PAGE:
• Herbal Supplement: St. John’s Wort
    • MAOIs: Phenelzine (Nardil), Isocarboxazid (Marplan), Tranylcypromine (Parnate)
  • Antipsychotics: Risperidone (Risperdal), Quetiapine (Seroquel), Aripiprazole (Abilify)
  • Sedatives/Anxiolytics (Benzodiazepines): Diazepam (Valium), Alprazolam (Xanax), Lorazepam (Ativan)
  • Antihypertensives: Atenolol (Tenormin), Lisinopril (Prinivil, Zestril), Metoprolol (Lopressor, Toprol-XL)
  • Nitrates: Nitroglycerin (Nitrostat, Nitro-Dur), Isosorbide dinitrate (Isordil)
  • Anticoagulants: Warfarin (Coumadin), Heparin
  • Antidiabetic Medications: Metformin (Glucophage), Insulin (various brands)
  • Antiarrhythmics: Amiodarone (Cordarone), Flecainide (Tambocor), Propafenone (Rythmol)
  • Opioid Analgesic and Addiction Treatment: Methadone

Inflammatory Health Conditions

Methylene blue acts as an anti-inflammatory. That means it may help dampen the inflammatory drivers of a huge range of health problems connected with inflammation. These include rheumatoid arthritis, osteoarthritis, asthma, chronic obstructive pulmonary disease (COPD), inflammatory bowel disease (Crohn’s disease and ulcerative colitis), psoriasis, eczema, gout, systemic lupus erythematosus (SLE), vasculitis, multiple sclerosis, allergic rhinitis (hay fever), chronic sinusitis, endometriosis, temporal arteritis, giant cell arteritis, polymyalgia rheumatica, sarcoidosis, autoimmune hepatitis, and ankylosing spondylitis.

Conditions Related to Oxidative Stress

Methylene blue acts as an antioxidant, helping to neutralize harmful free radicals and reduce oxidative stress. This antioxidative activity may have implications in various conditions related to oxidative damage. The list is long when it comes to health conditions thought to be related to oxidative stress.

These include cardiovascular diseases, neurodegenerative diseases (such as Alzheimer’s disease, Parkinson’s disease, Huntington’s disease, and ALS), cancer, diabetes, chronic inflammatory diseases (like rheumatoid arthritis, inflammatory bowel disease, and COPD), aging, liver diseases (such as alcoholic liver disease, NAFLD, and viral hepatitis), kidney diseases (including chronic kidney disease, diabetic nephropathy, and glomerulonephritis), and respiratory diseases (such as asthma and COPD). While oxidative stress is associated with these conditions, it is important to note that it is often just one of many contributing factors, and the exact mechanisms and interactions can be complex.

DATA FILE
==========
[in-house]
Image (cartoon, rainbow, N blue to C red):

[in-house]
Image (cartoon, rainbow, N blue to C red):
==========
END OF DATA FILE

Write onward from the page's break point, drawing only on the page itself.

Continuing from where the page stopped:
Health Conditions Related To Mitochondrial Dysfunction

Methylene blue has been found to interact with mitochondria, the powerhouses of cells, and improve their function. This effect may enhance cellular energy production and potentially benefit conditions associated with mitochondrial dysfunction. Mitochondrial dysfunction is associated with a long list health conditions. Aside from classic mitochondrial diseases resulting from genetic disorders, there is an emerging understanding that many of the chronic conditions we are facing today can be improved if we address mitochondrial dysfunction.

Neurodegenerative diseases like Parkinson’s disease, Alzheimer’s disease, Huntington’s disease, and amyotrophic lateral sclerosis (ALS) have also been linked to mitochondrial dysfunction. Metabolic disorders such as diabetes mellitus, obesity, metabolic syndrome, and non-alcoholic fatty liver disease (NAFLD) can be influenced by mitochondrial dysfunction. Certain forms of cardiomyopathies, including hypertrophic cardiomyopathy, dilated cardiomyopathy, and arrhythmogenic right ventricular cardiomyopathy, have been associated with mitochondrial dysfunction. Optic neuropathies, like Leber’s hereditary optic neuropathy (LHON) and dominant optic atrophy, can result from mitochondrial dysfunction.

Age-related disorders such as sarcopenia, osteoporosis, and age-related macular degeneration may involve mitochondrial dysfunction. There is some evidence of a potential link between mitochondrial dysfunction and autism spectrum disorders (ASDs). Mitochondrial myopathies, characterized by muscle weakness, fatigue, and exercise intolerance, are muscle disorders associated with mitochondrial dysfunction. Additionally, certain forms of sensorineural hearing loss have been connected to mitochondrial dysfunction.